The carrot of the first ever domestic match at the Aviva Stadium is a very nice one for supporters of Sligo, Pat’s and Rovers.

There’s a good chance that by the time you read this the replay between the Saints and the Hoops will have already taken place (If you are reading this from Tuesday night on, I hope it was a good match). The aforementioned Mr Mahon wasn’t best pleased with the replay being fixed only 48 hours after the initial fixture. Nor was I to be honest. I’m presenting Crimecall on RTÉ One on Tuesday night and will miss the replay as a result.

Unfortunately RTÉ can’t show the match live because of a Europe-wide agreement with UEFA where broadcast partners are not allowed to transmit a domestic game on the same night as a Champions League match.

It’s worth reiterating that RTÉ had no say in which semi-final was fixed for which night. A number of Sligo Rovers fans were under the impression that RTÉ had insisted that the Bohemians v Sligo game be played on the Friday night, but it was in fact an FAI decision. Indeed, at least one journalist tweeted that RTÉ had been responsible for deciding which match should be played on which day, but that was totally erroneous.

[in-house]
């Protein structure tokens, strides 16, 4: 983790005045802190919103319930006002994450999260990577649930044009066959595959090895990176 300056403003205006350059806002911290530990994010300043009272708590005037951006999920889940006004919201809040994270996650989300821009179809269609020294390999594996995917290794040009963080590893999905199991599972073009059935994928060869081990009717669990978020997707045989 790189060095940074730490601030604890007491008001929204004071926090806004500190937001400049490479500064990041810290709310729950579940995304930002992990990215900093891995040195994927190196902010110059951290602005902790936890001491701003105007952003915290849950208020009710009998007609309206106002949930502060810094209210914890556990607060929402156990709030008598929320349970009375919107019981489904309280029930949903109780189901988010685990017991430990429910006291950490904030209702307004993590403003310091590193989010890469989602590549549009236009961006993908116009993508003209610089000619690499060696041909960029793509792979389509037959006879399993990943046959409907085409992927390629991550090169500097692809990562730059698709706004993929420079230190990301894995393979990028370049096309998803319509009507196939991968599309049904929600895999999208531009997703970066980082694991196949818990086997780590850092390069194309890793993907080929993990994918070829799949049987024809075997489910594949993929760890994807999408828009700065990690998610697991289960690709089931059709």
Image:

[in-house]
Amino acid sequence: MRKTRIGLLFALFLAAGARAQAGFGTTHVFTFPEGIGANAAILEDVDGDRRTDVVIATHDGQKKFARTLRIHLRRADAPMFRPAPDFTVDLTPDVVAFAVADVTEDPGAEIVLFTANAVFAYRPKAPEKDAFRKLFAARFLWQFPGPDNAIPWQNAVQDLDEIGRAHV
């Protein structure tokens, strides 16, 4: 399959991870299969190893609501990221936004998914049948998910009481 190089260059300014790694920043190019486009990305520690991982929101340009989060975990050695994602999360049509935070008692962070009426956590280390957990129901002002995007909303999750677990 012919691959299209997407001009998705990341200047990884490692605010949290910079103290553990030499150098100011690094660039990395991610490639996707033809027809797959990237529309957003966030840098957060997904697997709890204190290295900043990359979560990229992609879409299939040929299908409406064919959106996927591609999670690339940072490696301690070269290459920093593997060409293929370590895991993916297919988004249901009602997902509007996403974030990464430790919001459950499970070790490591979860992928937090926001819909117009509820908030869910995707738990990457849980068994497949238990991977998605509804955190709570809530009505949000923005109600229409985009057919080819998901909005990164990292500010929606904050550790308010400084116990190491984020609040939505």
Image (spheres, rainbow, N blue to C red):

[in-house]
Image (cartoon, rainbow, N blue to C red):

Going back to the decision to fix the Pat’s v Rovers replay for just 48 hours after the first game, it strikes me that it’s asking a lot of part-time players to play two such big games in such a short space of time, added to the fact that it gives the clubs virtually no time to get the tickets printed and arrange for the sale of those tickets. In addition, both clubs have vitally important league matches this Friday.

These part-time players are now being asked to play three huge matches in the space of five days. Surely that can’t be right. Could the replay not have been held off for another week? Or even for the first week in November? Were the clubs consulted before this decision was made?

On a lighter note you probably wouldn’t have heard about the tea game.